It’s also not so hard when I’m remembering things you used to say. Whenever situational context pulls something you would say out of the depths of my memory, it makes me smile. You lack motivation, but not know-how, you used to say our border collie, Gator. Down at the Old Country Buffer, you would say to talk about the restaurant, Old Country Buffet. It’s the Boss! You know they call him the Boss?, you would ask me every time Bruce Springsteen came on the radio in the car.

But then sometimes, no, time does not make losing you easier.

It hasn’t been easy to hear How Great Thou Art or Amazing Grace. I miss the way you would lower your head and mutter the words. Not sing. You weren’t a huge singer. But mutter, yes. You were a soulful mutterer. I see the stars, I hear the rolling thunder, thy power throughout the universe displayed.

It’s not easy when Felicity reads a story to Henry, cover and to cover, and he asks her what the difference is between a My Little Pony storybook and a My Little Pony comic, and she comes up with a perfect child-appropriate answer. You never got to see them like this. I wish you had.

And the squeezing of my heart when I look at Henry’s school pictures and I think, He has my eyes. Which means he has Dad’s eyes.

Those are the times when it is not easier.

***

After seven years of life without you, I understand a few things better now than I did in the immediate days after you passed.

First, the times when I’ve felt your loss the most were the times when I built the walls high and kept everyone at arm’s length.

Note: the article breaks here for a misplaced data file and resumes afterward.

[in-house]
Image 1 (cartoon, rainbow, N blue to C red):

These were times when I was perpetually stressed by the endless juggling of work and care-taking when the kids were small(er). To be honest, I was afraid of running out. Running out of what? Everything. Energy. Time. Love. Everyone wanted something from me and so I gave and gave and gave–almost as if I were trying to beat life to the punch. Ha-ha. You can’t take away when I’m readily giving and giving and giving. And that’s what I did.

Until I had nothing left except numbness.

And in that quiet numbness, the feeling of loss would rear its ugly head at surprising and unpredictable times. And I was shocked by it. I thought I was fine. I had been getting everything done for everyone else, hadn’t I? But in all that business, my heart called out for me to acknowledge what I had lost.

Dwell on it? No. But acknowledge? Yes.

I don’t fully understand why the acknowledgment matters so much. But something within the human heart calls out for remembrance. It’s why we have namesakes and statues and days of remembrance. Perhaps we sense on a primal level that the worst horror of death is in the Forgetting.

Maybe it’s why no matter how far I meander here and there throughout the year and throughout my writing, my steps and my words always bring me back to this sacred space of remembering you around this time of year.

Second, after seven years of life without you, I can say for sure that the one thing that has helped the most is this:

My commitment to keep my heart open to Love.

To welcome new friends into my life.

To share my house and food, conversation and laughter.

To sacrifice for those I love, even when I’m not sure of the outcome.

To listen and believe and comfort.

To give and hold.

Every act of love and care that I’ve given someone else in the time since your death has healed me.